Wednesday, August 22, 2018


Music and Lyrics by Benj Pasek and Justin Paul - Book by Peter Duchan
Directed by Zoe O’Leary Cameron - Musical Direction by Jack Quail

Choreographed by Em Roberts –Set designed by Millie Bull and Kat Carrington
Costumes designed by Jen Murnane – Graphics Coordinator – Katie Ward

Presented by ANU Musical Theatre Company
Belconnen Community Theatre – August 16th to 25th

Performance on 18th August reviewed by Bill Stephens

Olivier Klinger (Gibbs) - Samuel Thatcher (Marine) - Tristan Davies (Bernstein)
Christian Maaia (marine) - Rohan Pillutia (Birdlace)
The dogfight in the title of this musical refers to a practice, apparently encouraged by American marines during the Vietnam War as an informal exercise in dehumanization, to make it emotionally simpler for them to carry out their violent orders. This dogfight is a party where the marine who brings the ugliest, unsuspecting date wins a cash prize.

The show itself, set in the 1960’s, and first seen off-Broadway in 2012, is an early effort by the song-writing team of Pasek and Paul, best known for the films “The Greatest Showman” and “La La Land”, and an interesting and challenging choice for the ANU Musical Theatre Company and first time director, Zoe O’Leary Cameron.

With its coarse language and misogynistic behavior it is sometimes uncomfortable viewing, but despite budget and casting limitations, O’Leary Cameron and her team have managed to produce an interesting and thought-proving production which showcases a truly outstanding performance by Tegan Braithwaite as the central character, Rose.

As the too-pretty date of Birdlace (Rohan Pillutia), who with his two rooky marine mates, Bernstein (Tristan Davies) and Boland (Jeremy Spencer Broom), organize the dogfight, Braithwaite is mesmerizing. Despite a limited vocal range, her singing is so heartfelt that her songs sound like an extension of her dialogue. She has the ability to lose herself in her character so that her every move and reaction is totally believable. Her performance alone is worth the price of admission.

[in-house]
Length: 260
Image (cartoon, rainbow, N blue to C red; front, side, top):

Tegan Braithwaite (Rose) - Rohan Pillutia (Birdlace) 
Rohan Pillutia impresses as the unrelentingly intense Birdlace, who finds himself juggling his confusion over his growing feelings for Rose, and his loyalty to his mates, and Daisy Sibtain, as the hard-bitten, worldly-wise prostitute, Marcy, gives a strong performance. 

Millie Bull and Kat Carrington’s excellent multi-level setting incorporates colourful LED graphics to conjure up various locations and is used to good effect by O’Leary Cameron in her staging of the production numbers and particularly for the scene on San Francisco’s Golden Gate Bridge, and the bedroom scene towards the end of the second act.

Of particular  interest in this production is the opportunity to hear the  Pasek and Paul  score, which, while not particularly distinguished, is beautifully  performed here  by Jack Quail’s onstage ensemble, and mostly, well-sung by a cast in which any lack of experience is more than compensated by their strongly committed performances.

Rohan Pillutia (Bridlace) -Jeremy Spencer Broom (Boland) -Tristan Davies (Bernstein)
Samuel Thatcher  (Fector) - Christian Maaia (marine) - Campbell Moore (marine)
Full marks to the ANU Musical Theatre Company for providing the opportunity to enjoy this creditable staging of a  challenging and thought- provoking musical, which continues in the Belconnen Community theatre until August 25th.

 This review first published in the digital edition of CITY NEWS on 20.08.2018